Looking Back Provides Understanding for Moving Forward

By Ken Wagner, Ph.D.

In 1982, W. Edwards Deming published his 14 Points of Management and described what he called the System of Profound Knowledge. His ideas and writings continue to revolutionize manufacturing and organizational excellence by influencing innovators, thought leaders, and organizational teams throughout the world.

digital-tablet-and-eyeglasses-on-books-in-public-library-picture-id1135144614Dr. Deming wrote countless words of wisdom. Below is a non-ranked, random sampling of ideas he offered years ago—and they still inform the work we do today.

  • On Meaning and Purpose

“The emphasis should be on why we do a job.”

Manage the cause, not the result.

“It is important that an aim never be defined in terms of activity or methods. It must always relate directly to how life is better for everyone. . . . The aim of the system must be clear to everyone in the system. The aim must include plans for the future. The aim is a value judgment.”

Why his words still matter: People who find work meaningful tend to be more engaged, have longer tenure1, and give more Discretionary PerformanceSM.2 Helping people connect the contributions their daily work efforts provide to the organization’s mission, creates opportunities for leaders to continuously reinforce employee actions that lead to performance excellence.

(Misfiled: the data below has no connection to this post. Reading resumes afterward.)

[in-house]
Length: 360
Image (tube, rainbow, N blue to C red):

• On Transformation

Transformation is not automatic. It must be learned; it must be led.

The transformation will come from leadership.

Nothing happens without personal transformation.

Why his words still matter: Change is constant in business these days, but unfortunately, change does not always mean progress and growth. Successful transformations require leaders to engage and lead through the entire journey. Too often leaders delegate this responsibility and fade out after the initial phase. For an organization to continually evolve, leader-led transformation must include both an organizational and personal case for change, thoughtful alignment efforts, intentional execution, and systemic sustainability mechanisms.3

  • On Leadership

“It is not enough that top management commit themselves for life to quality and productivity. They must know what it is that they are committed to—that is, what they must do. These obligations cannot be delegated. Support is not enough; action is required.”

The most valuable ‘currency’ of any organization is the initiative and creativity of its members. Every leader has the solemn moral responsibility to develop these to the maximum in all his people. This is the leader’s highest priority.